Detailed by Variety recently, representatives of two major sports organizations are encouraging the Supreme Court to listen to the broadcasters’ argument about the legality of the Web streaming video service Aereo. Mentioned within a brief filed earlier this month, both the NFL and MLB state that the organizations would consider pulling all sports broadcasts from channels like NBC, ABC and FOX since broadcasters cannot collect retransmission fees for the content from Aereo. Aereo is a service that provides rental access to remote high definition antennas in order to watch live, local television over the Web as well as record content with a cloud DVR service.
These games would be transitioned to channels such as ESPN that require some form of premium subscription, even if it’s just a basic cable package. Within the brief, the leagues state “If copyright holders lose their exclusive retransmission licensing rights…those stations will become less attractive mediums for distributing copyrighted content. The option for copyright holders will be to move that content to paid cable networks (such as ESPN and TNT) where Aereo-like services cannot hijack and exploit their programming without authorization.”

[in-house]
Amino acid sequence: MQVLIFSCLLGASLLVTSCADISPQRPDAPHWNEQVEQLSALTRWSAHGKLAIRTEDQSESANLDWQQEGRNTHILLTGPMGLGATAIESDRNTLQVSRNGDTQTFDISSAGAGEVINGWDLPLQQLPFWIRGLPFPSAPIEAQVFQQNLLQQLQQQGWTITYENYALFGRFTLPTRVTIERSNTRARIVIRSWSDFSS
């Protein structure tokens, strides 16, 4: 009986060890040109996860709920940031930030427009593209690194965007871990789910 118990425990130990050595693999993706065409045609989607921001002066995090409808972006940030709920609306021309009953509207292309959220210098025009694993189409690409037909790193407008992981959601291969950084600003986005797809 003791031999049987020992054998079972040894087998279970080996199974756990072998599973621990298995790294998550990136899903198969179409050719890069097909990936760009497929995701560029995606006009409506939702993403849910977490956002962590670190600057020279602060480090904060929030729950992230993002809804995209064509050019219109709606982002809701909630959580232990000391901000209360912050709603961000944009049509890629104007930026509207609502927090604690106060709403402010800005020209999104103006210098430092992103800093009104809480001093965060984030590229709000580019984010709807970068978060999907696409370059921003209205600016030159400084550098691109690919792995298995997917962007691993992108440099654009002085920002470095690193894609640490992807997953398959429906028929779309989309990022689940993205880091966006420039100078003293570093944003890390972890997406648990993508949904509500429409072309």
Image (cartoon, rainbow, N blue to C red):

While the threat to remove games from broadcast stations has been made, neither organization has specified a timeline in which this action would occur if the Supreme Court chooses to ignore the matter or rules in Aereo’s favor after hearing the challenge. Of course, both organizations are attempting to protect a significant financial stake in retransmission fees. According to the brief, the leagues collect one third of the $300 million that’s paid to broadcasters from cable and satellite companies.
Earlier this year, retransmission fees were at the center of a battle between CBS and Time Warner. The spat ultimately led to a blackout of the network in major areas of the country for an entire month. Revealed by Time Warner in late October, the company lost over 300,000 subscribers in the third quarter of 2013. Analysts estimate that a third to half of those subscribers left due to the CBS blackout. That blackout also included Showtime, The Movie Channel and The Smithsonian Channel.
Interestingly, if the Supreme Court does hear the case and rules for Aereo in this matter, there’s nothing to stop cable and satellite companies from copying Aereo’s business model and setting up similar antenna farms across the country rather than continuing to pay retransmission fees. According to Bloomberg, companies such as Direct TV, Time Warner Cable and Comcast Communications are already investigating the possibility of capturing the network channels using the same method.
Of course, the broadcast networks would likely convert to premium channels rather than continue to offer content for free over the air if that happens. CBS CEO Leslie Moonves, Univision Chairman Haim Saban and Fox COO Chase Carey have all stated that those networks would transition to premium channels on cable if Aereo’s business isn’t shut down.